Ankle Fractures

Ankle fractures are a common injury associated with some of the rougher and tumble sports that people enjoy, including rugby, football, soccer, skiing, and baseball. But ankle fractures are possible from stepping oddly on a stone and having your ankle turn suddenly. Simply slipping and falling on ice is a common cause of ankle fractures.

What happens?

A broken ankle can be the result of a sudden impact event, such as being hit by a heavy object or a car accident. It can also result from rolling your ankle while simply walking from A to B.

At the ankle, the fracture occurs with sudden

  • Twisting
  • Rolling the ankle inside or out
  • Overextending the ankle
  • Coming down hard on the ankle with excessive force

Sprains and Breaks

There is a running debate among athletes about which is worse, an ankle fracture or a sprained ankle. Certainly, the severity or complexity of a fracture would indicate a fracture can be far worse. But sprained ankles or often said to heal slower than broken bones, so the debate continues.

When you sprain or break an ankle, you instantly realize how much weight that delicate structure is bearing day after day

One thing is for sure: When you sprain or break an ankle, you instantly realize how much weight that delicate structure is bearing day after day, each time you stand, walk or run. The ankle does this with a structure that is made of three bones and ligaments that stretch over the joints to hold them together.

Structure

The ankle is made of the tibia bone, which is the heavier of the two bones that run down the calf. The other, which is on the outside of the leg is the smaller bone called the fibula. Both the fibula and the tibia attach to the tallus, which is the bone of the foot that is farthest to the top.

Symptoms

The primary symptom of an ankle fracture is pain and sometimes the pain is very intense. On the other hand, stress fractures, as opposed to compression fractures or traverse or oblique fractures, can be much more subtle. Sometimes people have relatively slight fractures and not realize they have an injury. Only later, when the pain continues or worsens do they realize something is wrong.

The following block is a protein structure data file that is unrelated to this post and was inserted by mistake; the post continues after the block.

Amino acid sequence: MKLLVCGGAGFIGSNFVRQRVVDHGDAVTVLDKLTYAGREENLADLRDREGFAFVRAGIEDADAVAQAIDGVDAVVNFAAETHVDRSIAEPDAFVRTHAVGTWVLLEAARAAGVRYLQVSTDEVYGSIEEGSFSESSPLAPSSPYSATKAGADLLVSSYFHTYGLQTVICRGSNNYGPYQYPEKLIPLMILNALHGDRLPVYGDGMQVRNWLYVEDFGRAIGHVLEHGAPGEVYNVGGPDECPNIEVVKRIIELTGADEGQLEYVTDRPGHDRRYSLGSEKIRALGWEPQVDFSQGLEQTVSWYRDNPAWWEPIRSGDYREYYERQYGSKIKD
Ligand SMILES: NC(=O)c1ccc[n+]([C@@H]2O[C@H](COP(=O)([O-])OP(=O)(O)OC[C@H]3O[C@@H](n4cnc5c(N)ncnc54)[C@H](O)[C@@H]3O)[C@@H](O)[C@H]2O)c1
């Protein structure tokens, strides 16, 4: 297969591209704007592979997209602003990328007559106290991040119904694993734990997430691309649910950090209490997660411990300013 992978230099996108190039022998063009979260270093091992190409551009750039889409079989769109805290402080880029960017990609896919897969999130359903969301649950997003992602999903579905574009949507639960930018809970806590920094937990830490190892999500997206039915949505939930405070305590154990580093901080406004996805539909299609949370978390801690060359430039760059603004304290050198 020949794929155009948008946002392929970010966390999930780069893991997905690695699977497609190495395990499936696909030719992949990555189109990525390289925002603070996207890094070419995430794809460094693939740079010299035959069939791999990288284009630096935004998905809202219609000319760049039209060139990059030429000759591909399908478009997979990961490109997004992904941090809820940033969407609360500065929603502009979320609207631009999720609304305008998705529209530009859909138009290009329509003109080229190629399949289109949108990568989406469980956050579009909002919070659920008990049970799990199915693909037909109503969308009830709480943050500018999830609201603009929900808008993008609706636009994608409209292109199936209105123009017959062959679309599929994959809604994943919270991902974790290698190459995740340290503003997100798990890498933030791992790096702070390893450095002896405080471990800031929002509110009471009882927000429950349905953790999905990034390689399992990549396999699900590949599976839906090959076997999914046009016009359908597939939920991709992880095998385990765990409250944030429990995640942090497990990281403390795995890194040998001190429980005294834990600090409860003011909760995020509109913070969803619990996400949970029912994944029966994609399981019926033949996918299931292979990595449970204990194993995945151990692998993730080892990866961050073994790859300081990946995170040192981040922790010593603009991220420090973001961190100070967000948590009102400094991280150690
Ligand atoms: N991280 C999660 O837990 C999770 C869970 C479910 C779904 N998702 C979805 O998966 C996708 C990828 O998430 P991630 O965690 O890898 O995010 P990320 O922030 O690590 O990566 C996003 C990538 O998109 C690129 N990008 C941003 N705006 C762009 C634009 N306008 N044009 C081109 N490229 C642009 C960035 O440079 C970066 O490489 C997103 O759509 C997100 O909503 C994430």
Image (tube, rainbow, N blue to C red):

When to see a doctor:

  • When you cannot put any weight on the ankle
  • When the bruising or discoloration is severe
  • When the swelling is all the way around the ankle
  • When the injured area feels cold
  • When the pain persists or grows worse after initial onset
  • When the ankle looks misshapen
  • When over-the-counter pain medications don’t help
  • When you can’t move your toes or ankle at all
  • When the ankle is injured but feels numb
  • When you see bones breaking through the skin
  • When the ankle is cold or blue.

Diagnosis

An ankle fracture is usually diagnosed with X-ray imaging. This is usually enough to see the fracture, although more sophisticated imaging systems may be used if the fracture is small.

Treatment

While over-the-counter medication and ice can help the swelling go down in the first 48 hours after injury, an ankle fracture requires rest to heal. It takes four to eight weeks for a broken bone to heal, so that means lots of time with the foot elevated and at rest.

You can rest your ankle by staying in bed, using crutches or a cane or a wheelchair. Often, doctors will place the foot and ankle in a cast in order to stabilize the area. If the ankle is not stabilized, the fracture could simply twist out of position, essentially re-injuring the fracture.

Often compression fractures that result from sudden impact or car accidents require surgery to reconstruct the ankle before stabilization. If so, doctors frequently use metal pins, rods and plates to support the bone while healing takes place.

Make a Call

 

Let us help you return to an active lifestyle with minimum pain. Call FXRX Orthopaedics and Bracing in Phoenix, Az., at 480-449-FXRX.

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